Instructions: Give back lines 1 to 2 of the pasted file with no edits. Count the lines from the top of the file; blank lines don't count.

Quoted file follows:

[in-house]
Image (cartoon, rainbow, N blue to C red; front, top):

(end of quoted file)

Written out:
[in-house]
Image (cartoon, rainbow, N blue to C red; front, top):